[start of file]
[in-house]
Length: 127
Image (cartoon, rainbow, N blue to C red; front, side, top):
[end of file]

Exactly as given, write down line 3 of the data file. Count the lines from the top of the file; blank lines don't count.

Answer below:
Image (cartoon, rainbow, N blue to C red; front, side, top):